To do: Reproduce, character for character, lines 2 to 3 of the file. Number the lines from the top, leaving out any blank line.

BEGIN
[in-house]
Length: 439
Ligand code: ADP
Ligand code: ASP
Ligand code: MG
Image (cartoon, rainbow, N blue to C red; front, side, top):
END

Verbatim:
Length: 439
Ligand code: ADP